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Columbia Business Monthly

Long Road Paved Way to Success

Nov 10, 2021 11:46AM ● By Liv Osby

Smith Heavner took the long road from the bottom third of his high school class to a Ph.D., even flunking out of nursing school along the way.

But today he is scientific director of the CURE Drug Repurposing Collaboratory, a public-private partnership with the FDA and the National Institutes of Health.

And that likely wouldn’t have happened, he says, without a community college education that gave him the encouragement and support he needed.

“I wouldn’t have made it without Tri-County Technical College,” he told Integrated Media, publisher of Greenville Business Magazine, Columbia Business Monthly and Charleston Business Magazine.

“It speaks to the fact that we need these different educational environments,” he added. “For someone like me, (it) meant I was able to go all the way to a terminal degree.”

Though he’d excelled in elementary and middle school, Heavner, 33, found himself adrift in high school. 

“I had always heard from teachers that I needed to go to college, and it was the way to succeed,” said the Simpsonville man. “But I wasn’t a great student in high school. I didn’t have the grades to have my pick of schools.”

Then in his senior year, he took some classes taught by professors from the Pendleton college, crediting one of them with providing the inspiration and confidence to go forward.

“I had such a wonderful experience that semester,” he recalls. “She told me I was doing things at a college level.”

So he applied to Tri-County after graduation, hoping a smaller learning environment where teachers were more familiar with students like him would be beneficial.

“It was a good assumption to make,” he said. “At Tri-County, I had teachers who were interested in spending the time teaching me how to be a good student.”

Heavner studied nursing, but initially struggled and failed the associate’s degree program. Then, he switched to the LPN, or licensed practical nursing program, which he says he mastered because of the extra guidance.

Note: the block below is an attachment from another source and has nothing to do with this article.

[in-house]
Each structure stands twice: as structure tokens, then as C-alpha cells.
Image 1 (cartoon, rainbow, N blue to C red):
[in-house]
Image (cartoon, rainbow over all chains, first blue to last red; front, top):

Community college is not a sink-or-swim environment, said Jennifer Hulehan, the teacher who motivated Heavner years ago and is now dean of Academic and Career Foundations at Tri-County.

It affords people an opportunity to achieve their goals and improve their upward economic mobility, for themselves, their families and their communities, she said. 

“We will meet you where you are and help you get where you want to be,” she said. “It comes down to believing in the potential that students have. Many students in community college … have experienced some level of they’re not good enough or smart enough for college. And simply hearing the message that you can do it … and we will provide the resources that help you achieve your goals makes a huge difference.”

After graduating in 2010, Heavner enrolled in Clemson University’s bachelor program in clinical and translational science. And while working on his degree, he held positions as a nursing assistant and nurse. 

Then he got a job with Prisma Health at Hillcrest Hospital, where he worked on quality improvement projects, which, he said, whetted his appetite for research.

So he took Clemson’s graduate certificate in clinical and translational research, thinking he’d go on to be a nurse practitioner. But he fell in love with research and enrolled in the master of science in applied health research and evaluation program.